The plan names the stretch of the Roaring Fork River through Aspen as the most at-risk and cites transmountain diversions as the main cause.
The plan, which was a joint project between the city of Aspen and Pitkin County, identified impacts to streamflow and developed goals and strategies to protect river health in the Upper Roaring Fork watershed.
Because of sensitivity around two instances of ongoing litigation — the Busk-Ivanhoe settlement involving transmountain diversions and Pitkin County and the city of Aspen’s conditional water storage rights for the potential Castle and Maroon reservoirs — the focus of the plan shifted after work on it had already begun.
“In the midst of our planning effort, we changed course a little bit and moved away from a scope that was intended to identify ways of re-managing water or administering water differently,” said Seth Mason, an engineer with Lotic Hydrological, the Carbondale-based firm that was hired to produce the plan. “We stepped back from that scope and moved into DSS tools.”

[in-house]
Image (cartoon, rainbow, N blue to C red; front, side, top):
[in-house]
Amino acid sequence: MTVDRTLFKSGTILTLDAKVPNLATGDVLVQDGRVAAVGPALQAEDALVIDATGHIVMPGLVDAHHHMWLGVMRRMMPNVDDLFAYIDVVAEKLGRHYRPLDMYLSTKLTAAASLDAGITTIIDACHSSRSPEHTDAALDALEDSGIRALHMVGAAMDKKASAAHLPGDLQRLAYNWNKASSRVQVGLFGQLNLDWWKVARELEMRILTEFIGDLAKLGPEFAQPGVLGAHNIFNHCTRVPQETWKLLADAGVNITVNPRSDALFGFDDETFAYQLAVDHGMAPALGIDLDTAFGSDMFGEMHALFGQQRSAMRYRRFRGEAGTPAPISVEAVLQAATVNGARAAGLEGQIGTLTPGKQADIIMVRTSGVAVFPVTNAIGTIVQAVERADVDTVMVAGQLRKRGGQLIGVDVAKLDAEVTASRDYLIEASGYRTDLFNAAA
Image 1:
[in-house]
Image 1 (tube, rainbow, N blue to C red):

DSS, or decision support systems, are computer models that let water managers simulate how different factors might affect stream flows.
The plan compiles years of studies and data, provides an assessment of existing conditions and provides a framework for making decisions to improve the ecological health of the Upper Roaring Fork River and its tributaries.
The plan mentions several water management opportunities that warrant further investigation such as dry-year water leasing with the Salvation Ditch Co. and municipal raw water supply reductions.
April Long, City of Aspen clean river program manager, presented the plan to the Pitkin County Open Space and Trails board at its June 7 meeting. The board recommended sending it to the Pitkin County Commissioners for approval.
“The important thing from the board’s point of view is that we want scientific, responsible information before we do some of our projects on something as sensitive as the river,” said Graeme Means, chair of the Pitkin County Open Space and Trails board.